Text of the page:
Some participants thought that shaking hands with an infected individual could transmit TB. A recent study in the general population in Serbia found some misconceptions about the possibility of transmitting TB through physical contact with a person with TB (8.3% thought it was possible) and through food and drink (4.0% thought it was possible). However, TB was not mentioned as being hereditary [11]. Some similar misconceptions such as blood transfusion, drinking water and food as means of trasmission and TB being an inherited disease were obtained in the study conducted in Croatia [12]. Interestingly, a study on the Aboriginal population in Canada found that some respondents belived that TB is hereditary, but no explainations for this belief were reported [13]. It has been argued that knowledge about the symptoms of TB and their early recognition could help in timely treatment and prevention of disease transmission [13,9]. Generally, the Roma individuals in the focus groups knew the most common symptoms of TB. However, some respondents confused TB with other pulmonary diseases such as asthma and pneumonia, which is in agreement with the findings of San Sebastian and Bothamley [14].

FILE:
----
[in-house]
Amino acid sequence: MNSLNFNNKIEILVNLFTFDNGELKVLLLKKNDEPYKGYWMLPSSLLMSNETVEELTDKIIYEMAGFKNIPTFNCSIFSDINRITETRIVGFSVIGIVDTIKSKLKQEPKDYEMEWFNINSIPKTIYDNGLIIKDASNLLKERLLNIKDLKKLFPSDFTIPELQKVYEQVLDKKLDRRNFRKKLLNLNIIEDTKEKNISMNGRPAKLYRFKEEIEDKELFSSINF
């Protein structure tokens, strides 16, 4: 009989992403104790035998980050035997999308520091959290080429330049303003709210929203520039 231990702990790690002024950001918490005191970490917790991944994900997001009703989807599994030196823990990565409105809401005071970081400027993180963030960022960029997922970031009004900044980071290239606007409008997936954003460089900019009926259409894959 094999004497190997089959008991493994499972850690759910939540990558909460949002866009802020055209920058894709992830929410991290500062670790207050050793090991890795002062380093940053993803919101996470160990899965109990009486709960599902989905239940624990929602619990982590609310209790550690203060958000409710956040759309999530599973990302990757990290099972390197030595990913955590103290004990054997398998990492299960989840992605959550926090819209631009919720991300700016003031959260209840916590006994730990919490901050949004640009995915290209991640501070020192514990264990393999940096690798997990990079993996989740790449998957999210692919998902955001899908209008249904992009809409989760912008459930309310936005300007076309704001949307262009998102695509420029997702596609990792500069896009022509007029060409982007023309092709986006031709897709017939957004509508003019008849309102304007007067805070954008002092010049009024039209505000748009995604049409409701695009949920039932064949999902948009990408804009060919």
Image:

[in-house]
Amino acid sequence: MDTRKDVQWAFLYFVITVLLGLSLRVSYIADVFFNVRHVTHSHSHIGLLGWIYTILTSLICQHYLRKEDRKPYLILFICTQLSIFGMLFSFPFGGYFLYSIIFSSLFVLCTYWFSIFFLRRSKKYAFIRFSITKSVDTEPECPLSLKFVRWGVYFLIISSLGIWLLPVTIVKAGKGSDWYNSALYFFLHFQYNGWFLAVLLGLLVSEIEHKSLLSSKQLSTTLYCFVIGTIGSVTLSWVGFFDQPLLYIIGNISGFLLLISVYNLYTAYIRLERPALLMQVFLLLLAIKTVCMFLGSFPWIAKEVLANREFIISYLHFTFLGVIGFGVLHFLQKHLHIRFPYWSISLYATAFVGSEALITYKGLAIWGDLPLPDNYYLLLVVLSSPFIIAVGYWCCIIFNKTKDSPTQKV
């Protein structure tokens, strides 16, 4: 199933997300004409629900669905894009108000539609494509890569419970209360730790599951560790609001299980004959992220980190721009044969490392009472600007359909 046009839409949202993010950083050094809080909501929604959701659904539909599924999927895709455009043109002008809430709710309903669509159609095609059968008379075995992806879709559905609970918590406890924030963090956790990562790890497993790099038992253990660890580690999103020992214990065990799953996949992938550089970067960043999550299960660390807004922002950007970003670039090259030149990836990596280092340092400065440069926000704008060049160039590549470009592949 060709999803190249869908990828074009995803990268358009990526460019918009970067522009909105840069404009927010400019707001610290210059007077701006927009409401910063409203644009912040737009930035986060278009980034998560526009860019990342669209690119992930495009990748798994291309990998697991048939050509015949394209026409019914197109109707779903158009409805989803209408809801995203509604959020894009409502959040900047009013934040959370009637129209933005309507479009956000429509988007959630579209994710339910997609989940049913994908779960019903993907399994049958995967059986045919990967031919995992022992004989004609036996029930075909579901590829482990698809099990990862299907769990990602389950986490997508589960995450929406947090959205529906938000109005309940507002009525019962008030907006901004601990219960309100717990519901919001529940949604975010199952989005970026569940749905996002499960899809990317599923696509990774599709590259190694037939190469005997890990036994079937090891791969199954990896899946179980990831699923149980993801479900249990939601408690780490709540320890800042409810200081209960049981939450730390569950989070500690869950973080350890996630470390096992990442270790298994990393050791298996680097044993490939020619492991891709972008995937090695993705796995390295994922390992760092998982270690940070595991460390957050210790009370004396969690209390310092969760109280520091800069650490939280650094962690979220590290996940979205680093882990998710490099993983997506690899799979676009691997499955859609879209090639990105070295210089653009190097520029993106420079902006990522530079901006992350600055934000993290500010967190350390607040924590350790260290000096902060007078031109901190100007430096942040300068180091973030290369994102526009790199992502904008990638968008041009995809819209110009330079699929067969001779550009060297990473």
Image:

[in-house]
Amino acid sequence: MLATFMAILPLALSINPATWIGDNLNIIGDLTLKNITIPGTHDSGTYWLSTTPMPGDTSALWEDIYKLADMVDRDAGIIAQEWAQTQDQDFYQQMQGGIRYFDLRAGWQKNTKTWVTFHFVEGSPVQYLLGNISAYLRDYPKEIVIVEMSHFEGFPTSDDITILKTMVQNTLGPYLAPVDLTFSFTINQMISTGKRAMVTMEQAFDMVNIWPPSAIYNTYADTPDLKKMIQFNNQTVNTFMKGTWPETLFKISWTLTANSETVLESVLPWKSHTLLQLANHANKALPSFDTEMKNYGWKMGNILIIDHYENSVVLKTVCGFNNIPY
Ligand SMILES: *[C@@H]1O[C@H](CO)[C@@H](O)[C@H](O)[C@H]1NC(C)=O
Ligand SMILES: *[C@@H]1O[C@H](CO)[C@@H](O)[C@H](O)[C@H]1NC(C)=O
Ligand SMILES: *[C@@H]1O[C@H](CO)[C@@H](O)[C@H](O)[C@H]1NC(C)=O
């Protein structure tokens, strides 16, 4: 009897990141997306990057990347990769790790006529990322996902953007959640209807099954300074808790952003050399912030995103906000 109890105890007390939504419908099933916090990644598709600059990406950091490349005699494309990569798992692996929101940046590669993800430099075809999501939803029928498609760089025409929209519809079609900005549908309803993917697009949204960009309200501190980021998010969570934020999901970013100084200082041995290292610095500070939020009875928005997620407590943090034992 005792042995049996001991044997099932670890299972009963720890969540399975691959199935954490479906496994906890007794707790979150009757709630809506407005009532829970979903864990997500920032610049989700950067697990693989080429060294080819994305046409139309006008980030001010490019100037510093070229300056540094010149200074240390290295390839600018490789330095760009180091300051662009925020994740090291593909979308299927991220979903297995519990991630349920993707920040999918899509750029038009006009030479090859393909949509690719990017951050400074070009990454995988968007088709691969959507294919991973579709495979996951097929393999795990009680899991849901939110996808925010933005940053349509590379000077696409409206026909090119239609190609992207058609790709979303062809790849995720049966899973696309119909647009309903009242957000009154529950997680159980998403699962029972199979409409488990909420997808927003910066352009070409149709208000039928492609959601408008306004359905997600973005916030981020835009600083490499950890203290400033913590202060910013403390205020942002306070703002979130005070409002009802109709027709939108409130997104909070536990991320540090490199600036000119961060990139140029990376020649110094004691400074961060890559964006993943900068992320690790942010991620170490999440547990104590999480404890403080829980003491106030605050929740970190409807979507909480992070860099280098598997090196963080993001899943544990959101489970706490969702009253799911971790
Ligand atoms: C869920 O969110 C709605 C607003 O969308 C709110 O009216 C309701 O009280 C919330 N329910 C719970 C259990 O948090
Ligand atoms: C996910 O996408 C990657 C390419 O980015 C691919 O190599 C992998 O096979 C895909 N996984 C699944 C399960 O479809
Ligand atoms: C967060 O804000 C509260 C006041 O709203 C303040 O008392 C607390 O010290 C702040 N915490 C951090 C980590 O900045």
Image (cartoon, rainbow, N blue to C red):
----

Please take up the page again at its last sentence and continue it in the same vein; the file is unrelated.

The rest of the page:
Regarding factors contributing to the occurrence of TB none of the participants mentioned smoking. It has been noted that smoking is often not recognized as significant risk factor for TB, as showed in study in Croatia [12]. It is of great importance as smoking is much more prevalent in Roma communities than in general population. Smoking should be specially addressed in all health education campaigns regarding TB in Roma communities.

Our participants were aware about the need for prescribed treatment and that TB could be a dangerous, even lethal, disease. In addition to prescribed medicines, participants mentioned some folk medicines. Most participants emphasized the importance of appropriate diet and inhaling fresh air as appropriate preventative measures.